Now the old blog is transferred, and I can keep it on the new server for future use. I might have to “lock” it again, though, since I can see all sorts of weird links in the new sidebar that shouldn’t be there: 2 “about” pages (the first is empty, the second used to appear on the sidebar in the old blog), links to stories that shouldn’t be linked to in the sidebar (can’t figure that one out), and I notice, too, that all my paragraph breaks are gone, making my texts look like Peter Weiss’s Aesthetic of Resistance (but not reading as finely!) … oh well. (*)

(*) I deleted the “empty” about page. But the other stuff is still there, inappropriately, and without paragraph breaks.


One last thing before I go (really…). (*)


(*) In the entry that didn’t make the transition to the new server, I noted that I was not re-starting blogging. This is just a weird …hiccup.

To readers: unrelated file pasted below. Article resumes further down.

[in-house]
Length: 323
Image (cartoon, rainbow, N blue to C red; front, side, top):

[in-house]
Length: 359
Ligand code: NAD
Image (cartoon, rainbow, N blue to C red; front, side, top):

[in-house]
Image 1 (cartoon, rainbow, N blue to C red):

I have some invitations (free) to diigo — if you want one, leave me a comment (or send me email – yheibel AT post DOT harvard DOT edu). I highly recommend this service to anybody who does a lot of online research and needs to annotate the texts for future reference. You can also add your annotations (like “sticky” notes in flickr) to images, so it’s quite handy for visual research, too. You can keep your links entirely private (i.e., what you bookmark and annotate won’t be seen by anyone else), or you can make it public. You can also use diigo to blog annotations (i.e., highlighted bits and whatever comment you added), so…


I made a couple of my bookmarks public, just to give you an idea. They’re on this page. Note that the annotations can be expanded, so you can see at a glance what was signficant (in this case to me) in the article, and seeing your notes on it will jog your memory as to what you intended to use that particular text for. Incredibly useful, IMO.


Unlike this blog, which I just wasted ages on updating with links. What a time sink! Better to do online research.